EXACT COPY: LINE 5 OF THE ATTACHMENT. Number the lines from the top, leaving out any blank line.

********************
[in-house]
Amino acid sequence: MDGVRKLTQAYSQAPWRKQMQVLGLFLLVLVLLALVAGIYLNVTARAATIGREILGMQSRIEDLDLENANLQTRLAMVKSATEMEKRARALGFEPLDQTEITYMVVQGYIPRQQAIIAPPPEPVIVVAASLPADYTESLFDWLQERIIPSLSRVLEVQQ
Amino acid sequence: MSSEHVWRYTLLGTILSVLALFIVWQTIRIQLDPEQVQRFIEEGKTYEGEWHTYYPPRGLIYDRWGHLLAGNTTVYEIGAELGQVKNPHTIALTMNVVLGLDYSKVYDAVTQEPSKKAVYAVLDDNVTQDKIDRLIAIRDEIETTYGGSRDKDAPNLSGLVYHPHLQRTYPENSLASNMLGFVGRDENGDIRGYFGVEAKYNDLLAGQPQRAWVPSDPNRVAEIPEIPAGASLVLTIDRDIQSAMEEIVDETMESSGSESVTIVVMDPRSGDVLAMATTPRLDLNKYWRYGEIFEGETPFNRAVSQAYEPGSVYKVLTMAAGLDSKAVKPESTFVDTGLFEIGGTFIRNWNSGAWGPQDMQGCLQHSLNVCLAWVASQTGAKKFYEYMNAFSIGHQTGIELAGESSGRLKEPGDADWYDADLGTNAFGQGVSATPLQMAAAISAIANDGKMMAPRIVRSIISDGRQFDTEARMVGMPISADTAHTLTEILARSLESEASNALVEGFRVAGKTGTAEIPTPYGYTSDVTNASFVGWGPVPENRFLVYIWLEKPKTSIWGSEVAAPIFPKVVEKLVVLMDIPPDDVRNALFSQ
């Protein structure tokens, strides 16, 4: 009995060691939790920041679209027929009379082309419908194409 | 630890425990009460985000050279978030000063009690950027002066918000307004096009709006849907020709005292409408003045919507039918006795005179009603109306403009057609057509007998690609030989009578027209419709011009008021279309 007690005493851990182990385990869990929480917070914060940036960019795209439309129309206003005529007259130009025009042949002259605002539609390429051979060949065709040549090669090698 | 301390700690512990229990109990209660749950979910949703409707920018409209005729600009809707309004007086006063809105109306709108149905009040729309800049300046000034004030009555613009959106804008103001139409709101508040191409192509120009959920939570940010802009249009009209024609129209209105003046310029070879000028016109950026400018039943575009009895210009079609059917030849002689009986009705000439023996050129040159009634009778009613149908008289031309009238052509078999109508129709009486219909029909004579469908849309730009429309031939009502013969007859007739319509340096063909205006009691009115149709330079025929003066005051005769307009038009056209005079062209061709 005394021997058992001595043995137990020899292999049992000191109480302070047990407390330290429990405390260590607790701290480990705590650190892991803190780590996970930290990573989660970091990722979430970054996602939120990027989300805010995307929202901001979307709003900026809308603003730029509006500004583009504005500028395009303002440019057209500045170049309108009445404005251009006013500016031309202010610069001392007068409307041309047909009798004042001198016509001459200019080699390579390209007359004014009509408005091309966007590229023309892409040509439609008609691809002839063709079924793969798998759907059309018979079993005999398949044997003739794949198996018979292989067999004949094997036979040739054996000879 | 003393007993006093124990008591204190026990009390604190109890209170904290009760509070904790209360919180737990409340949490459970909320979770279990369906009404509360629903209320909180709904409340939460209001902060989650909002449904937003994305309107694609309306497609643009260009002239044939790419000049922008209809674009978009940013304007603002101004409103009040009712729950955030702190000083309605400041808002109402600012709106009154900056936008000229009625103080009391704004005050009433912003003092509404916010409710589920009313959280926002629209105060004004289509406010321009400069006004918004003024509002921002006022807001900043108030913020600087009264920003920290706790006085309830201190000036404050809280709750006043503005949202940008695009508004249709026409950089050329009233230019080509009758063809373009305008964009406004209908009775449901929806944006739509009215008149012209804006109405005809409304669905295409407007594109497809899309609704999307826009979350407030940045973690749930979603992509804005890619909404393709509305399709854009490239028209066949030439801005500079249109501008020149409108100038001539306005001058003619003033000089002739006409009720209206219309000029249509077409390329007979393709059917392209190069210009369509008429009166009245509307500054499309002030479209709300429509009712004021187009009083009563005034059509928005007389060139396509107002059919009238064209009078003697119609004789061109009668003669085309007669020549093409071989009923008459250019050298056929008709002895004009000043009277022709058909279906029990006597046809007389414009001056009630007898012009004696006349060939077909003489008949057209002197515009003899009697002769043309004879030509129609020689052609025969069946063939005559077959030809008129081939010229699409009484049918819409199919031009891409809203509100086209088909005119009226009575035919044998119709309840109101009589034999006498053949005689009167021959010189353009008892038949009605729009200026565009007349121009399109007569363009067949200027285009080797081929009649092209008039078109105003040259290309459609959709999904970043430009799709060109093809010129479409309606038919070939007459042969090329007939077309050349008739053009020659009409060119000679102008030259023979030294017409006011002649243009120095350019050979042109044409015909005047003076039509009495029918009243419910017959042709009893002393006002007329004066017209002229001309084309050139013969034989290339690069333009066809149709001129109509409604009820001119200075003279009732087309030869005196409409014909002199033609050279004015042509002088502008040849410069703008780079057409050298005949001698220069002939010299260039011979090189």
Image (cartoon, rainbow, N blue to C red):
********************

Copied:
Image (cartoon, rainbow, N blue to C red):